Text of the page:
What is Rain Scald?

Rain Scald

Dermatophilus congolensis, more commonly known as Rain Scald, is a bacterial infection found in cows and horses. The bacteria latch onto a carrier horse and activate when the carrier’s skin is exposed to wet weather. Biting and non-biting flies, together with humidity and high moisture, cause infective zoospores to spread from one horse to another. The flies will bite and suck blood, damaging the skin and leaving small open wounds for infection to occur.

What should I look for?

The head, ears, neck, croup and saddle areas are most commonly affected as they are the most exposed in wet weather. The infected skin releases a discharge when drying causing the hair to mat and the infected area to crust over, forming a scabby-like appearance. When the crusts are lifted the skin below is often pink and bleeding. Some scabs will soften, making them easier to pull away from the skin. Be gentle when removing the crusts as this will be sore and uncomfortable for your horse.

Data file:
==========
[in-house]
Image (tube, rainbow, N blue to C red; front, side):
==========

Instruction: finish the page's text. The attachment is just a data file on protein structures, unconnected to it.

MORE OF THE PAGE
Can it be treated?

When treating a horse with rain scald, it is important to keep the horse dry. This can be done through stabling or a light waterproof rug to prevent sweating. Do not put a wet rug on your horse as it will create moisture on the skin and contribute to the infection.

The scabs contain coccal (bacterial) cells that need to be removed so the skin can to start to heal. Using a separate brush, groom the infected area carefully by removing any loose hair and dirt. Next, rinse with warm water and lather the skin with an antiseptic soap such as povidone-iodine. Massage the area until completely coated. Leave the wash on for 10-15 minutes, then rinse off with warm water, removing as much water as possible and ensure the area is completely dry. Repeat daily, reducing medicated washes until the lesions have healed.

What can I do to protect my horse?

Affected horses should have their own rugs, grooming brushes and saddle cloths. These items should be separate from other horses and as dry as possible to reduce spreading and recurrence of the infection. Ensure your horse is always rugged as this will help to protect it from wet weather. A rug can also prevent flies and other insects from landing directly onto the skin. Insect repellent will also reduce small bite wounds and minimise the risk of infection.



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